Central to the fight against al Qaeda and the stability of South and Central Asia, Pakistan is one of today's most important and complex countries. At the core of Pakistani politics lies a 600,000-strong, nuclear-armed military, an institution that has ruled this impoverished nation of 160 million directly or indirectly for more than half its existence. Much of the military's power derives from Pakistan's enduring rivalry with neighboring India over the disputed state of Kashmir, a struggle that has generated at least three wars since 1947. The soldiers have found it easy to intervene in politics on the pretext that corrupt civilian politicians undermine Pakistani stability and security, but they have been abject failures once in power themselves. In fact, military rule has typically stoked the country's ethnic and regional divisions, most violently expressed in the secession of East Pakistan to form the independent state of Bangladesh in 1971. The military's flirtation with Islamist militant groups today, meanwhile, threatens to destabilize Pakistan, its region, and the world at large.
This meticulously researched book refutes conventional theories that the demand for an independent state of Pakistan was driven by immutable differences between Hindus and Muslims or British divide-and-rule strategies. Ayesha Jalal focuses on the role of Pakistan's founding father, Mohammed Ali Jinnah, and his strategic bargaining with the British and the Indian National Congress during the endgame of British rule. She shows that in the 1940s the Muslim League under Jinnah put forward a demand for "Pakistan" mainly as a strategic ploy to safeguard the interests of India's Muslims within a broader consociation of India. But the secular Congress' intransigence to concede to the League's communal demands helped precipitate the partition of India. While the strategic use of religion allowed Jinnah to position himself as the sole spokesman for the Muslim community in India, the political geography of the subcontinent allowed the British use his own "two nation" theory as a razor to slice the two main Muslim majority provinces, the Punjab and Bengal, along communal lines in order to protect their Sikh and Hindu minorities. As a result, what Jinnah got was a "moth-eaten Pakistan" composed of a divided Punjab and a remote, noncontiguous East Bengal.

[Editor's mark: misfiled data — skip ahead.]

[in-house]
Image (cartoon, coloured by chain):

The Idea of Pakistan. By Stephen P. Cohen. Brookings Institution Press, 2004.
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In this book, Stephen P. Cohen, America's most seasoned expert on Pakistan, provides a necessary corrective to the popular, alarmist view that Pakistan is a state on the brink of collapse. Cohen's central argument is that the country's identity has always been contested, with visions ranging from Jinnah's relative secularism to radical Islamism. Impressive in its breadth and scope, the book spans such topics as the nature of the Pakistani state, its foreign policy, the army, domestic politics and parties, regional and ethnic conflict, the role of Islam, education, demographic trends, and the economy. Toward the end, Cohen sketches several possible futures for Pakistan: more of the same (military-dominated autocracy), genuine democracy, an Islamist state, a failed state, or a ruined post-bellum Pakistan (in the case of a war with India). He predicts that Pakistan is likely to remain suspended between weak democracy and "benevolent autocracy." The book concludes with thoughtful recommendations on U.S. policy options vis-à-vis Pakistan.
The Military and Politics in Pakistan: 1947-1997. By Hasan Askari Rizvi. Sang-e-Meel Publications, 2000.
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Originally published more than 30 years ago, Hasan Askari Rizvi's book was the first in-depth study of the military and politics in Pakistan. It skillfully traces the transformation of a professional "ex-colonial" army into a political one within the context of Pakistan's acute insecurity regarding India and its participation in U.S.-led Cold War alliances. Risvi sees political decay, not military failure, at the heart of Pakistan's praetorianism: weak political institutions, low levels of regime legitimacy, and civilian reliance on soldiers in civil administration, he argues, created an opening for the military to expand its role into civilian life. Over time, persistent military intervention and rule have aided and abetted the development and entrenchment of the army's expansive corporate interests in the state, society, and the economy.
Military Control in Pakistan: The Parallel State. By Mazhar Aziz. Routledge, 2009.
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